The Air Force likes to show their heroes and this is one of them, in front of the Air Force museum on the base. Very heroic! It almost looks like a surfer but he's actually standing on a propeller blade.
Some old and outdated planes are on display throughout the whole base, which is right up my ally and me and the kids had a great time getting shots of all the various planes.
there’s also a monkey conservation program as well, for the Duskar Langur monkeys and they were all over the place, running around or sitting in trees and minding their own business.
There's also an Air Force museum, as already mentioned, which was closed unfortunately and just overall, it all has a great quiet and relaxed feel to it and we felt straight away at home. The interesting thing is however, that all the time you’re in this Air Force base. Very interesting!
After having checked the Lemon Bay and the various sights at the base, we returned to downtown Prachuap and had something to eat in a local restaurant.
Prachuap hosts a very nice and cozy ‘boulevard’ where again, everything is very relaxed and easy going. The restaurant we ate at was called Ma-Prow (coconut) and had some good food, Fried fish and squid, pork with veggies and glass noodles with curry powder and crab meat (pad Bunsen pong curry puu). It was a tad bit expensive for being located at the beach/boulevard I guess, but it was good nonetheless.
All in all a very nice and relaxed place, Prachuap Khirikhan and I can highly recommend stopping by if you happen to be in the hood.
Tomorrow we’re off to Bangkok. We will try to get an early start, since it’s children’s day tomorrow (only in Thailand?) and we want to maximize our time in Bangkok, since we only have two days there. This pretty much means shopping tomorrow at the various shopping malls Bangkok hosts, like Central Chitlom, Siam Paragon and who knows how many other ones the missus comes up with ;-)
It looks like there's some good amount of overcast and it's fairly warm this morning, over 25C at around 6.30 am.
I'm early today since at 7 am we'll leave for the ferry to the mainland, we're off for the next 2 weeks on a trip by car to Isaan, to visit a school friend of my wife who lives in Nakon Sakhon.
We're planning on driving not much more than 3 to 400 km's per day to take it easy on the kids.
Prachuap Kirikan, Bangkok, Korat, Udon Thani and Vientaine in Laos are on the program.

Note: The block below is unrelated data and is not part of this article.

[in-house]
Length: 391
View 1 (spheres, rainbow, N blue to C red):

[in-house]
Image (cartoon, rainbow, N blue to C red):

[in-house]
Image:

Hope you'll enjoy my trip reports but I can't promise internet access every day!
Yesterday it was warm and sunny with a max temp that must've broken 30C!
Thursday, 10 January 2008
Wednesday, 9 January 2008
Tuesday, 8 January 2008
A blue sky with lots of clouds in it, especially over the ocean. Current temp at 7 am is 27C.
Yesterday was nice and warm again but in the early evening there was a bit if rain again. Max temp reached 28.7C.
We also went to Nathon yesterday and had a very nice lunch at 'About art & Cafe' again.
Monday, 7 January 2008
The sun is trying to break through a rather cloudy sky. Current temp at 7 am was 24.7C.
Yesterday was another nice and sunny day with a max temp of 28.9C although it started to rain a bit in the evening, around 8 pm, but just for a short while.
Sunday, 6 January 2008
They're almost our neighbours and they serve some awesome Isaan food. Isaan is amongst the poorest part of Thailand and therefor Isaan people migrated all over Thailand, to do the 'dirty' jobs, the other Thais don't like to do and with them they brought their excellent food. Isaan food can be found all over Thailand on pretty much every corner. To find good and well cooked Isaan food, you gotta be lucky and that's what we are with Clok Lana. Pee Nee, the cook, is from Isaan and she cooks awesome.
One of the great things they have is BBQ'ed chicken (Kai Yang) or BBQ'ed pork chops (Muu Yang) and BBQ'ed catfish (Plaa Duuk Yang). I prefer the chicken which is served with a very nice spicy sauce (Naam Chim Teaw).
For the event loads of food was cooked, here on view, waiting to be eaten by the participants of the ceremony. Amongst other, Kao Niaow (Sticky Rice), Tom Cruangnai (a soup of intestines, very yummy), Naam Tok, Laab and various sweets.
Here's Pee Nee in action with the 'Clok', the big brown bowl in the middle, what's the shop is named after, that's used for making Papaya salad or the famous Som Tam.
When in Plai Laem, and you're hungry and in for some adventurous and spicy food, check out Clok Lana. If you plan to visit Wat Plai Laem and after leaving it on the main road, take a left and after a slight curve in the road, it's after about 400 meters on your right hand, pretty much opposite a road taking off to the left. Easy, isn't it?